We thought it would be worth spending one of our occasional 3a Analysis blogs looking at Microsoft's Teams app. While we have been using it as a simple messaging app for a while, we've recently started embracing more of its features to improve our efficiency. Let's take a look at how we're currently using it at 3aIT.
The primary focus of Teams is, you would expect, is as a messaging app. Like all the features it provides, it plugs straight into an existing Office 365 setup to pull in users from your organisation as a starting point. We then all just use our normal Windows login to access the app. The app can be installed on almost all desktop + laptop machines, as well most mobiles and tablets. There's a web-based login for the odd occasion that this isn't possible (or you just need quick one-off access). This basic setup then allowed 1-to-1 chat between all members of the team, with the option to include others on specific chats.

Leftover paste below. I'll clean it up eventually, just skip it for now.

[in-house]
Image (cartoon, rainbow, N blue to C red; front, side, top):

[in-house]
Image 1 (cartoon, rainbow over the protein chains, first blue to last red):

The next thing we did is create a series of "channels" into which various team members were invited. This started with a simple General channel that all of us could see and use to contribute to a group chat.
You may think "Why do I need text chat with my team - they're sitting right next to me." However, you'd be surprised how useful it can be, even when you're all in the same room. It's brilliant for just quickly sharing web links or images. It can also cut down on the amount of email cluttering your inbox. Naturally, it really comes into its own for any workplace where you have team members working away from the office. With the Office 365 integration set up, it also automatically sets a user's status if they're out of the office or in a meeting, along with the option to manually set yourself as away or busy.
The next thing we did after we were happy that Teams was a suitable replacement for our general chat client that we had been using was to set up further channels. For example, we set up a "Development" channel that our web developers could use to discuss things that the whole team didn't need to be bothered with. This is also when we started to enhance the chat channels with "Connectors".
What are Connectors?